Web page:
The second ad would feature the same celebrities, this time “caught” in typical paparazzi shots, eating a wide variety of vegetables and fruits, whole grains(oatmeal/dark bread/dark pasta, always recognizable things, nothing unfamiliar to the general public) and nuts/seeds.  Images would also be included of walking, running, biking, doing yoga.  Some images or video clips will be sexy, some will be funny, but all will feature a healthy behavior.  This time however, images and “home movie” type video of “typical” American people(including young children) enjoying healthy food and activities will be spliced in between the celebrity shots, given equal time and culminating in a final image of all the images on the screen at the same time in small squares, filling up the whole screen.  The song playing in all the ads will be popular and there will be several different image/video montage sets.  The slogan “Your Body is A Temple” and the brand symbol will then flash over the images to end the commercial.  Both of these commercials will be released to television and social media sites such as Facebook, Youtube, Twitter and Tumblr.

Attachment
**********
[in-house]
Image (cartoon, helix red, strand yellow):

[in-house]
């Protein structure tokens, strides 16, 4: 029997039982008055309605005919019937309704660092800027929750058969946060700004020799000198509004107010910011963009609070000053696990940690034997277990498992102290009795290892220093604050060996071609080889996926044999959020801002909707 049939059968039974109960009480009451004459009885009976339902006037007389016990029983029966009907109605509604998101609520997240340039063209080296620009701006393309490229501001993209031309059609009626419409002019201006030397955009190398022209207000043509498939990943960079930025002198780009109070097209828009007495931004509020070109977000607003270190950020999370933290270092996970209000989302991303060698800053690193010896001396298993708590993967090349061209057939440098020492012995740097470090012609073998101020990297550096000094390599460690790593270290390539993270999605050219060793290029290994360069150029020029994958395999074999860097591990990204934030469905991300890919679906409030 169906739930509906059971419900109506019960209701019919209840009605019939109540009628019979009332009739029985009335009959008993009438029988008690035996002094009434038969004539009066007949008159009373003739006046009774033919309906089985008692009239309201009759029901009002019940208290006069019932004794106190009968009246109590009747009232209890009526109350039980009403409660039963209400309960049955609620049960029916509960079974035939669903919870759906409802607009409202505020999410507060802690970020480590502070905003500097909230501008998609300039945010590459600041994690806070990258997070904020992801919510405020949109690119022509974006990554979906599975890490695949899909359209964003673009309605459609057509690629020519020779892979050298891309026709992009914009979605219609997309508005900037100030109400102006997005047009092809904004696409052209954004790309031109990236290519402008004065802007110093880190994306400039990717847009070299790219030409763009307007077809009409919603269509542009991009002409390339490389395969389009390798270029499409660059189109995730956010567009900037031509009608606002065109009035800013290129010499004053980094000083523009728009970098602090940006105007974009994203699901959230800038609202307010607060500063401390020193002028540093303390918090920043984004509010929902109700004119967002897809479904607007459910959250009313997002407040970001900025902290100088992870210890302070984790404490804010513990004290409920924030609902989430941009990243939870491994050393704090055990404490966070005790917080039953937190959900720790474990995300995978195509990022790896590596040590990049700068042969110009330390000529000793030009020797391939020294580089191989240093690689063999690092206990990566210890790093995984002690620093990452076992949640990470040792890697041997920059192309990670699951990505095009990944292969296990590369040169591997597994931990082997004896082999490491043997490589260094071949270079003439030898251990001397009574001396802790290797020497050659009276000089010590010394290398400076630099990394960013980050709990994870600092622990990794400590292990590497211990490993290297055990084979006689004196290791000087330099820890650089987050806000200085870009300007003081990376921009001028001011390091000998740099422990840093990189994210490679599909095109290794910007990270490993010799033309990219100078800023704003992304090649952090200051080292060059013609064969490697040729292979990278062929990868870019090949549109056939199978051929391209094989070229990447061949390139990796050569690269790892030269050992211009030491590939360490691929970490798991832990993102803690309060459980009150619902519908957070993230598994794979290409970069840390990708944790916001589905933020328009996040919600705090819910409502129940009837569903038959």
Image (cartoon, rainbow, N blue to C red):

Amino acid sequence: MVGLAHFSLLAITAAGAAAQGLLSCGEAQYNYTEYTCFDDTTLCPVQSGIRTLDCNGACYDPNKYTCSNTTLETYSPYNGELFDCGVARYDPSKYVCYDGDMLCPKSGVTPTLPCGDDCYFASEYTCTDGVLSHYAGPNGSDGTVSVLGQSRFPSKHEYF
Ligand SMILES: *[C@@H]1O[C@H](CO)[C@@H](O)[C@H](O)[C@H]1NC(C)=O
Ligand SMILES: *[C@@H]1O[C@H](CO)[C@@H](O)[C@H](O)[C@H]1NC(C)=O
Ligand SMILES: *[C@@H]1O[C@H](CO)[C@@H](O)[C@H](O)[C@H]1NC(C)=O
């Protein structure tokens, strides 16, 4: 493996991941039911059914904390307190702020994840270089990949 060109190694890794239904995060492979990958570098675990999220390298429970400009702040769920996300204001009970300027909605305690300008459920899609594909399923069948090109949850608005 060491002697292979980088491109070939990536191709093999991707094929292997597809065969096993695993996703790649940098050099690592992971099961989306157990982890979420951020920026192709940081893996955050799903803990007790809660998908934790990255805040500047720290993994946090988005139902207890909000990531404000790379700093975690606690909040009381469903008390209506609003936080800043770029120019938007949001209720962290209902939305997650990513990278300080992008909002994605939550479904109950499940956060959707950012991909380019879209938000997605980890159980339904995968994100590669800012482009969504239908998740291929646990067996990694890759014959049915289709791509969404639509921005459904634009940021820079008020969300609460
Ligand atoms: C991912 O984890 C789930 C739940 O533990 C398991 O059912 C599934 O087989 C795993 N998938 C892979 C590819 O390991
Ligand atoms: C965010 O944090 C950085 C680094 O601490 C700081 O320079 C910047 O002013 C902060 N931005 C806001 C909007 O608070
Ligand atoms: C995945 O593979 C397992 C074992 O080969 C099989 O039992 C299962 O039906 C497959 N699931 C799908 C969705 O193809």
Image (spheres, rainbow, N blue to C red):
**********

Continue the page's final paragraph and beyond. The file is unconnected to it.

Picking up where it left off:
In the second prong of the intervention, people will be encouraged to post pictures of their own healthy behaviors with the hash tag “TempleBod” and receive in response motivational messages and coupons for healthy food.  Products will also be produced and sold with the logo and slogan “TempleBod” and “My Body Is a Temple”.  All proceeds from these sales will be donated to local farmers markets so that they may double the value of SNAP benefits.  While some farmers markets do this, not all are in a financial position to do so.  All profits of merchandise sales will go towards this initiative. 

Defense One - A Better Use of Social Nudging and Tipping Points